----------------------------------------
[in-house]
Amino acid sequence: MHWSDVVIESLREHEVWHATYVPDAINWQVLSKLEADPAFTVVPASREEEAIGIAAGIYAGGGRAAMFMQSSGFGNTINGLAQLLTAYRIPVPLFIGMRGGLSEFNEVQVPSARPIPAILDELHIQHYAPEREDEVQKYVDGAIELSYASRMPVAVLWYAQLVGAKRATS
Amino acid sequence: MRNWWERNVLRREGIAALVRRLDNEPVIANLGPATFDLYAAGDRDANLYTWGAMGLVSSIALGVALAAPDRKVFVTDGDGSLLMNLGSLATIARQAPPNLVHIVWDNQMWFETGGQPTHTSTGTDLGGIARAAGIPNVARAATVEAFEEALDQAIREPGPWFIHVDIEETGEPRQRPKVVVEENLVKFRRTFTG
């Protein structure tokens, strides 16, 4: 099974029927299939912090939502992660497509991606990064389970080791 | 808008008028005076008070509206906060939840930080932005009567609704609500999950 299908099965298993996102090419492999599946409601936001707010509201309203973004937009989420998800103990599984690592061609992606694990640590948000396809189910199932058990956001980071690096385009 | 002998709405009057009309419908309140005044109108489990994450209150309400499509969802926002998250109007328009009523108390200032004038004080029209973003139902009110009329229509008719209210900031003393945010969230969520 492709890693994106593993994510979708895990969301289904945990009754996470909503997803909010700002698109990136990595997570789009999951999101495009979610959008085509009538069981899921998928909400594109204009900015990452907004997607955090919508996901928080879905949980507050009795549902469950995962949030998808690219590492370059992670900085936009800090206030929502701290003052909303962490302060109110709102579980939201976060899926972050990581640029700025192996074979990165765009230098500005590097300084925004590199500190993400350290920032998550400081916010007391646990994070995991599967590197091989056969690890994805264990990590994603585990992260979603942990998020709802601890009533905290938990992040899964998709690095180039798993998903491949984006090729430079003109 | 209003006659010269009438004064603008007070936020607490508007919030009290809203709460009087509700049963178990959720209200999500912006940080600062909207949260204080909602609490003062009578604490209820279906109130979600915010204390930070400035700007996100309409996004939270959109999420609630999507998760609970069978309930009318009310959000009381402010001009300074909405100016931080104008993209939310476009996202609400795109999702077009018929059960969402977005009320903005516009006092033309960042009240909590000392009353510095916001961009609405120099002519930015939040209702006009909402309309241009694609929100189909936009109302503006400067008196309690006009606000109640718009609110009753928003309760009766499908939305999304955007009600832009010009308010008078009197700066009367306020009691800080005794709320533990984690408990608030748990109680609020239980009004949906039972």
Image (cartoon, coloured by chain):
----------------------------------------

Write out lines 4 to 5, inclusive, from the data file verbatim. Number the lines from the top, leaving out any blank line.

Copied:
């Protein structure tokens, strides 16, 4: 099974029927299939912090939502992660497509991606990064389970080791 | 808008008028005076008070509206906060939840930080932005009567609704609500999950 299908099965298993996102090419492999599946409601936001707010509201309203973004937009989420998800103990599984690592061609992606694990640590948000396809189910199932058990956001980071690096385009 | 002998709405009057009309419908309140005044109108489990994450209150309400499509969802926002998250109007328009009523108390200032004038004080029209973003139902009110009329229509008719209210900031003393945010969230969520 492709890693994106593993994510979708895990969301289904945990009754996470909503997803909010700002698109990136990595997570789009999951999101495009979610959008085509009538069981899921998928909400594109204009900015990452907004997607955090919508996901928080879905949980507050009795549902469950995962949030998808690219590492370059992670900085936009800090206030929502701290003052909303962490302060109110709102579980939201976060899926972050990581640029700025192996074979990165765009230098500005590097300084925004590199500190993400350290920032998550400081916010007391646990994070995991599967590197091989056969690890994805264990990590994603585990992260979603942990998020709802601890009533905290938990992040899964998709690095180039798993998903491949984006090729430079003109 | 209003006659010269009438004064603008007070936020607490508007919030009290809203709460009087509700049963178990959720209200999500912006940080600062909207949260204080909602609490003062009578604490209820279906109130979600915010204390930070400035700007996100309409996004939270959109999420609630999507998760609970069978309930009318009310959000009381402010001009300074909405100016931080104008993209939310476009996202609400795109999702077009018929059960969402977005009320903005516009006092033309960042009240909590000392009353510095916001961009609405120099002519930015939040209702006009909402309309241009694609929100189909936009109302503006400067008196309690006009606000109640718009609110009753928003309760009766499908939305999304955007009600832009010009308010008078009197700066009367306020009691800080005794709320533990984690408990608030748990109680609020239980009004949906039972």
Image (cartoon, coloured by chain):